My Experience With PPD: When Intrusive Thoughts Become Harmful Thoughts

(Prepare yourselves.  It’s a long one.)

Several months ago, in the midst of sleep deprivation and Postpartum Depression (PPD), my anger became hard to control. I was angriest around nap time and bedtime, especially when those times didn’t go as planned. This was when I started to have thoughts about cutting.

When Beatrix interrupted Milo’s nap or if I was having a hard time getting both of them to sleep at night, I would become enraged. There were many times that I yelled at Beatrix, letting all my rage out on her. I knew it was misplaced anger, that my daughter was just being a typical three-year-old. I felt extreme guilt about this.

There was a night when Beatrix was pushing my buttons. Milo was in my arms, almost asleep. The lights were off and I was sitting in the rocking chair. Beatrix was in bed, still awake. More


Sleep Deprived and Over the Edge

From last August until present, Milo has not been sleeping well and, therefore, neither have I. Up until last October, he never had a schedule or routine. Taking advice from a friend in my postpartum support group, I read the book The Baby Whisperer Solves all Your Problems, written by a British woman named Tracy Hogg. The author’s philosophy is to teach your baby to put himself to sleep. You don’t let him cry it out, but you don’t rock or hold or nurse him until he falls asleep in your arms. I liked that she took a middle-of-the-road approach, so I decided to try it.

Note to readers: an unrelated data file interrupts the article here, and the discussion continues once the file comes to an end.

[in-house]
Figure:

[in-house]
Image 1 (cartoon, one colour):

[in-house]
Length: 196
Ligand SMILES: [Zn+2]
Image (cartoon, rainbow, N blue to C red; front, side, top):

I put him on a schedule in order to teach him how to nap during the day and sleep during the night, but I didn’t stick to the Baby Whisperer’s philosophy, which may be why he’s not sleeping through the night (she guarantees it works!). I don’t have the patience to pick-up and put-down my child for an hour while he cries. During the middle of the night. Multiple times. For several nights (two weeks, maximum!). I have learned some ways to get him back to sleep More

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